How is the generic drug industry in the US measuring up to this challenge?
That is a very real question right now. The generic industry is not able to put up a cohesive challenge. At least that is my personal impression. The way the law stands now, a drug company with patents should be able to prolong patent protection forever with the help of good legal advice. I spoke at a generic drug industry conference in Washington DC last year where I explained to them this problem. I asked them what do they think they are going to do about it and I did not hear any concrete proposal from any one.
What are your comments on Barr Laboratories’ model of challenging and breaking innovator’s patent?
Barr Laboratories’ model is to challenge and break a patent and get rewarded for it. But, Barr Laboratories has a problem. If Barr Laboratories challenge one patent and the drug companies are allowed to keep adding new patents, it would be extremely difficult for Barr to sustain in this game. For a manufacturer, it costs maybe USD 30,000-40,000 to get a new patent. For Barr to challenge one, the cost is 10-100 times. So, there is a great financial disadvantage to the generic company. So, Barr may recoup legal charges if it wins with one patent challenge. But, if Barr has to contest 5-6 patents, there may not be enough money to be made to compensate for that many numbers of challenges.
So, unless the laws are changed, generic companies would continue to arrive in the US with a disadvantage?
Yes. There are several ways generic companies can address this problem. One is to spend a lot of money in Washington to get the law changed. Second would be to spend a lot of money buying licenses from big pharma companies. The third way and perhaps the most cost-effective way is to spend some money on applying for patents themselves. Because once you do that it can be a very good bargaining tool with big pharma companies. This is the only cost-effective solution on the table right now considering the current environment.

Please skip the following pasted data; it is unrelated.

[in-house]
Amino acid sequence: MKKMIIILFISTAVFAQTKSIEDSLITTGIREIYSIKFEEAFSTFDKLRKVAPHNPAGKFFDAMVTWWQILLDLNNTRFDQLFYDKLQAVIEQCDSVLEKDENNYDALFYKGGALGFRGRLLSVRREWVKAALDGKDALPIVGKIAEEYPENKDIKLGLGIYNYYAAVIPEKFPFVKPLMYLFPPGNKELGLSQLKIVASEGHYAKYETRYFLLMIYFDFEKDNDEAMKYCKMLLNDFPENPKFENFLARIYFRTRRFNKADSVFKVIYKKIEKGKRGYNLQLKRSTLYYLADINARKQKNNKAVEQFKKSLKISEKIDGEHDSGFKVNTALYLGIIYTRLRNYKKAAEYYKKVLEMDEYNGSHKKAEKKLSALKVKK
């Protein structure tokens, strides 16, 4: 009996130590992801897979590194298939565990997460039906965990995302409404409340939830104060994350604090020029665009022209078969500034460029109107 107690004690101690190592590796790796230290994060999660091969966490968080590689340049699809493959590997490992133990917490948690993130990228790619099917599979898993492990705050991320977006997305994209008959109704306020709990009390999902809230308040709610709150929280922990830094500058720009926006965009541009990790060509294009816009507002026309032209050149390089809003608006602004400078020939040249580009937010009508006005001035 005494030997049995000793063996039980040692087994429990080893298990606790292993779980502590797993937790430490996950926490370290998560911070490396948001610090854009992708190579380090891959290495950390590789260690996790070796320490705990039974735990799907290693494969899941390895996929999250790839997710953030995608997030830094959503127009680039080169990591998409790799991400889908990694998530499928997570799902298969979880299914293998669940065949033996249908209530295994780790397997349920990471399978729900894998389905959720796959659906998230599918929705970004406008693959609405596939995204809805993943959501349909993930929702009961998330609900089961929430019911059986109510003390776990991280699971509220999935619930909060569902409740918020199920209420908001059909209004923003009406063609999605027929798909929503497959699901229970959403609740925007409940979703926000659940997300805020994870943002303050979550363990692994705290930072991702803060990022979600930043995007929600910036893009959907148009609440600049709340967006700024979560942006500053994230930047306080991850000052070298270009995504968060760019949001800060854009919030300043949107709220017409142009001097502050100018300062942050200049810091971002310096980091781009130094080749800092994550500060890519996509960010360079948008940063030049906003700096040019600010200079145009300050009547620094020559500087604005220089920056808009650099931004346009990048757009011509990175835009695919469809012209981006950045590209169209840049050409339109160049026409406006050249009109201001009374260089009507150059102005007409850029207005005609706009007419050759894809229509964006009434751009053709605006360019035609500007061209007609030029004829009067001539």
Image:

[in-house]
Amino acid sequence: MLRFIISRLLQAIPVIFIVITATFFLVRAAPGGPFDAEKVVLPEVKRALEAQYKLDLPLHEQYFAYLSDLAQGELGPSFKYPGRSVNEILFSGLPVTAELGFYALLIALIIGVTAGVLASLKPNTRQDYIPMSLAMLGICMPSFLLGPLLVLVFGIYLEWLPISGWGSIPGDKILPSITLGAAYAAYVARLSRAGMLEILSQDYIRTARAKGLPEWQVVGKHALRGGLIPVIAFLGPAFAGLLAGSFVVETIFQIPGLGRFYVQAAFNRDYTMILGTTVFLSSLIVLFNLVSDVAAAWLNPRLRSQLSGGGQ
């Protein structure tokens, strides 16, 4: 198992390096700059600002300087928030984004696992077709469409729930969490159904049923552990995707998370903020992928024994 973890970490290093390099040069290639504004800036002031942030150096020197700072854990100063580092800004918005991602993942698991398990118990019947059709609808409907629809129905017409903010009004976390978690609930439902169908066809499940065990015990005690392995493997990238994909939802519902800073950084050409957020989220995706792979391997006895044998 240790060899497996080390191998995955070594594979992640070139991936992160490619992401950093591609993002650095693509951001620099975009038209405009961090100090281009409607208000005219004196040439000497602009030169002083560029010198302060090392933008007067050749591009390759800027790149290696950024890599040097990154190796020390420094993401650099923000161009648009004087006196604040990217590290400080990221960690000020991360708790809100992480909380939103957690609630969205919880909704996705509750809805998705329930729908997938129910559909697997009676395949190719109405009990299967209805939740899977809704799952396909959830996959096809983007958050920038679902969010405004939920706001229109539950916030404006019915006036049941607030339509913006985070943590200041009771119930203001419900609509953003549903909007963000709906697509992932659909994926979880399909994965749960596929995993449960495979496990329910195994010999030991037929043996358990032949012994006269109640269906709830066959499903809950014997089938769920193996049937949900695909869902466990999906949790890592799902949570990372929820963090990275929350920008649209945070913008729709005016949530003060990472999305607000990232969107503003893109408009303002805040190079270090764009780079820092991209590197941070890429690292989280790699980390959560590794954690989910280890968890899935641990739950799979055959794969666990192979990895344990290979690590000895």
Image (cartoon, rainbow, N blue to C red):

How does this model work?
For a generic company the first thing to do is to look inward and examine what you make and how you make it. Second, you look at other people’s IPR and compare them with your own to see if in fact you have infringed and the third step, which goes along with the second step, is to see whether there is something new and file your own patents. Once you see whether you have infringed other’s rights and patent your own rights, you can start negotiating for a business deal with the innovator. Also, you can then trade your IPR with IPRs of either the innovator company or with a competing pharma company. Although this model is new to the pharmaceutical industry, it has been effectively used in the electronic industry, where the industry standards are maintained by different companies cooperatively exchanging patents so that the market is open to a larger universe of people who collectively advance the technology.
The very basis of generic industry model is pricing. Will this model nullify the fundamental advantages of the generic industry–the price–which may then be not very cheap compared to the innovator product?
You will have two results. The first result is that for true commodity products, the price will remain at a commodity level. For truly innovative products, they will always command a premium price. The model we discussed will create a middle level group of products and they will tend to be priced more highly than they are now. In fact, generic drugs that are in the middle level (with little degree of innovation) the price will be higher than they would have. That is the disadvantage. The advantage is that there would be more variety of products in the middle range.
In the conventional IPR regime, for number of years, we had some kind of monopolistic situation, which never brought the prices down. It now appears that in the so-called war between the innovator and generic manufacturers, we are reaching an in-between scenario. Isn’t it like saying generics are ok but there has to be some degree of innovation?
That may be the effect of what they are doing. But, as regards the cause – in my sense and I do not want to sound pessimistic -, I feel you have thought ahead more thoroughly than perhaps the senior management of drug companies have. My sense is that senior management of large companies are simply looking at how to maximize profits on a short-term basis. They think the future evolution of drug industry is the problem of their successors.